Acute myeloid leukemias (AML) with complex karyotype (≥ 3 abnormalities) and/or monosomy 7/del(7q) are a subset of AML with extremely poor prognosis. Hematopoietic stem cell transplantation (HSCT) is the only potentially curative treatment, but relapse rate is high (most often above 50%) and negatively impacts on patients' survival. (Ciurea et al. Cancer 2018) Such poor results are even questioning the role of HSCT and rise the need of new transplant procedures for these patients. To this end, we are performing a clinical trial of haploidentical HSCT with adoptive immunotherapy with regulatory T cells (Tregs) and conventional T cells (Tcons) in the absence of post-transplant pharmacologic immune suppression (Treg-Tcon haplo-HSCT). Such approach allows for an extremely low relapse rate in patients with high-risk acute leukemias transplanted in complete remission. (Martelli et al. Blood 2014)

In this study we analyzed the outcome of all the patients that were referred to our center from January 1st 2007 to May 31st 2018 with a diagnosis of AML with complex karyotype and/or monosomy 7/del(7q) and that were fit for receiving an induction treatment.

49 patients were included. Median age at diagnosis was 52; 22 were female, 27 were male. 20/49 had chromosome 7 abnormalities (isolated in 12 patients; in a complex karyotype in 8 patients). 11 patients received a hypomethylating agent as first line treatment, while the other 38 patients received high-dose chemotherapy. We performed 30 HSCT procedures in 25 patients; 5 patients received a second transplant (4 after disease relapse and 1 after rejection). 6 underwent a HLA-matched HSCT, 6 a T-depleted haploidentical HSCT, and 18 a Treg-Tcon haplo-HSCT. Median age at transplant was 42 with a median follow up of 40 months.

Regarding disease status at transplant, 26 HSCT were performed in patients that were in 1st or 2nd hematological remission and 4 in patients with refractory disease. Cytogenetic analysis (karyotype and/or FISH analysis) revealed the presence of abnormal clones in 11 patients and multiparametric flow cytometry analysis detected minimal residual disease in 16 patients. Thus, most of the patients (17/30, 57%) were transplanted with detectable disease.

15/49 patients were disease-free and alive at the time of the analysis, all of them after receiving HSCT (HSCT vs Non-HSCT, p<0.01, Fig. A). Treg-Tcon haplo-HSCT allowed for a markedly better disease free survival as compared to the other transplant procedures (p=0.01, Fig. B). Such survival advantage was only due to a reduced rate of disease relapse (31% vs 79%, p=0.02, Fig. C), as transplant related mortality was similar between the 2 groups (9% vs 9%). 17/18 Treg-Tcon haplo-HSCT patients engrafted and only 2/17 developed acute GvHD grade ≥ 2. 4/17 patients relapsed and none of them received a transplant from a NK alloreactive donor. (Ruggeri et al. Science 2002) Multivariate analysis that included chromosome 7 involvement, presence of disease at multiparametric flow cytometry and/or cytogenetic analysis, and blast count at transplant confirmed that Treg-Tcon haplo-HSCT was the only predictor of a better survival.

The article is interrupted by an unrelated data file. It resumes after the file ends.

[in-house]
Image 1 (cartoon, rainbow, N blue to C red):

In conclusion, our results not only confirm that HSCT is the only potentially curative treatment for AML with complex karyotype and/or chromosome 7 involvement, but also demonstrate that Treg-Tcon haplo-HSCT allows for a strong antileukemic effect, the only needed for a long term control of such unfavorable AMLs with high disease burden at transplant. While it is necessary to confirm these results in a larger cohort of patients, Treg-Tcon haplo-HSCT could represent the best transplant option for this subset of very high-risk AML patients.


No relevant conflicts of interest to declare.

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Asterisk with author names denotes non-ASH members.

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